List of Kernel & architectures available to use for Json model Assertion


I’m a total newbie with snapd and Ubuntu Core, I only tried to make a Ubuntu Core image.
To do so I found that I need to create a Json File describing the model assertion.

This file contains different properties about the system like the architecture, the version of the kernel, and others.
I was wondering if somewhere there is a list of these available architectures and kernel version, like if I want to Build a MIPS based system how can I know if ubuntu core support this architecture ?

Create your own Ubuntu Core image tutorial

List of Architectures

Also I found that cross compilation of snaps is only supporting : amd64, i386, armhf and 64, ppc64el and s$.

The list of the supported architectures today is: s390x, ppc64el, arm64, armhf, amd64, and i386. Funnily enough we’d noticed that it wasn’t listed anywhere obvious and it’s in the queue of edits landing in the docs soon.

As MIPS is not a supported architecture, right now, there are no core, no bases, no kernels, no gadgets, nothing, for it to reference in a model assertion.
A lot of the tools used for snap systems are written in Go, and we know they work with 1.9 (which is the newest Go available in all distributions we ship to) and 1.10 (which is the newest Go available in all the Ubuntu versions we ship to). Go only supports MIPS from 1.13 AFAIK, so there might be some issues there that we haven’t addressed yet.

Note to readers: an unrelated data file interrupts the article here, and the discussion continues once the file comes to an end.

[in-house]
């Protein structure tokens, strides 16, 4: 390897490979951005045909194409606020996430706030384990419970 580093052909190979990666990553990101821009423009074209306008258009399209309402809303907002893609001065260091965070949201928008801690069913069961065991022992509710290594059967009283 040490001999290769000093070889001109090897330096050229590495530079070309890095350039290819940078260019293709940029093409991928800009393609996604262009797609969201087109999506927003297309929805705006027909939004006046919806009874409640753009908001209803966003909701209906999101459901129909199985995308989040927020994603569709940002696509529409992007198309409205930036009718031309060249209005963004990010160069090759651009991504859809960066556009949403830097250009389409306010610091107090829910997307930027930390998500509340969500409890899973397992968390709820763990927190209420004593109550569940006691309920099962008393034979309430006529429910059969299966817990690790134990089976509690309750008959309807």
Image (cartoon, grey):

the articats of Ubuntu Core (the core/core18 snaps, gadgets and kernel) are currently created by using binaries from the Ubuntu archive … while there is no fancy lists of architectures anywhere at the moment, lists all build architectures for ubuntu archive packages at the top right.

as there are no mips binaries at all in the ubuntu archive, the result is that you can also currently not build an Ubuntu Core core/ore18 snap to have a proper rootfs.
(i know there has been work done in the past to support other distro core snaps … particulary fedora, so you could look for a distro that supports mips and use a self assembled base/core snap from there, but this also means you are building core from scratch and will require a lot of work and a steep learning curve … if you are still interested, i think @Conan_Kudo has some experience here since he worked on a “fedora based core”)